ScanCafe delivers early!

11 12 2009

ScanCafe continues to impress me! I received an e-mail this morning at 8:21 a.m. stating that my order was ready for review. They were seven days early from their original date of December 18. They allow for up to 50% of your scans to be “deleted” and you’re not charged for those, believe it or not! I reviewed the files and decided not to delete any. I paid the remaining balance and less than 30 minutes later, I had a link to go download the .sit file with all the images. A DVD with the images will be sent with my original slides shortly. It took me a little over an hour to download a compressed file with 400 images—thank goodness for high speed Internet access.

Now begins the (most pleasant!) task of going through the images, processing in Photoshop (still have to teach myself Lightroom 2, though), and determining which ones are worthy of blog exposure. Some of these slides date back to the late 70s—obviously non-digital days—shot with various SLR film cameras ranging from my father’s Yashica (model unknown; he loaned it to me to shoot a high school football game and never got it back!), graduating to a Pentax K1000 purchased at Sears as a present from my dad, then on to my first Nikon—a Nikon N2020, then moving up to a Nikon N90s (followed by another N90s backup body), and ending with my ultimate dream camera (at the time)—a Nikon F5, which I still own.

Yes, I will still be shooting new stuff as my schedule permits and assignments arise, but I hope you’ll enjoy this nostalgic trip (with no particular chronological order) into the world of Kodachrome, Ektachrome and Fuji Velvia!

Photo note: I believe I shot this image of (Greater Flamingoes?) at the Gladys Porter Zoo in McAllen, Texas. I’ve always loved this composition, and it was one of my first images I selected to sent to ScanCafe. I did a 24×36 pastel/conté drawing of this image for my sister, Debbie, as a gift one Christmas many years ago. In fact, that drawing is still hanging in her foyer—unfortunately, it’s framed in an in-vogue-at-the-time (but certainly not now) shiny and modern metal frame—in hot pink (to match the flamingo legs, of course). Yowza! I should also mention that it is on the wall behind the front door when you enter, so it can’t easily gather a flock of admirers around it. Hey, I know it’s still there. Good on ya, Deboo.

LATE-BREAKING NEWS: In his recent comment, my father reminded me that I didn’t include one more film camera that was in my repertoire—my medium format Mamiya 645! Dad bought me this camera while I was still living in Texas, shooting portraits and weddings for extra cash. I had it for several years, then sold it when I moved to the Washington, D.C. area so I could buy my Nikon 2020 and various lenses to get back into shooting 35mm. I put an ad in the Washington Post and sold it for about $900, to the best of my recollection. Many years later, during one of my jaunts to Infinite Color (a local lab) to get slides processed, I started chatting with a photo techie guy who was manning the front counter that morning. One thing led to another and I discovered that he was the guy I had sold the camera to (about 8-9 years earlier). He was still using it at the time and loved it. He waxed rhapsodic over its virtues and I left the lab wishing I had kept the camera! I wonder if ScanCafe does medium 2-1/4 negatives and slides…hmmm…I sense a future project coming on!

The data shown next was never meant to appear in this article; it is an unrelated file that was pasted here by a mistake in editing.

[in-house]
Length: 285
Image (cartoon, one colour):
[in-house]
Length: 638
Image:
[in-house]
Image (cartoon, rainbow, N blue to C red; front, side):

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12 12 2009
thekingoftexas

In listing your progression from the Yashica to the Nikon line, you omitted the large-format Mamiya—the Mamiya 645, perhaps? How could you forget that one? That’s the camera that “se rompio,” literally (in Spanish), the one that “broke its self” and required major repair. Following my prolonged investigation using post-9/11 interrogation techniques (including water-boarding), you finally told me that perhaps you “may have tripped over a leg of the tripod” on which the Mamiya was mounted, and that “perhaps” the camera struck the tiled floor, an incident that “may” have contributed to the damage.

The shot of me wearing my all-time favorite hat at Park Avenue in Arches National Monument brings back bittersweet memories. I really liked that hat, and it’s only a memory now. I believe I left it at a neighborhood yard sale not long after our trip. Remember the time at Canyon de Chelly when the wind relieved my of the hat and sent it tumbling along the ground toward the canyon’s edge, and me bent over chasing it, desperately trying to catch it before it went over the sheer 600-foot drop to the canyon floor? My luck held—it caught in a low bush very close to the edge—I loved that hat so much that had it not caught in the bush, I just may have gone over the edge after it. Bummer!

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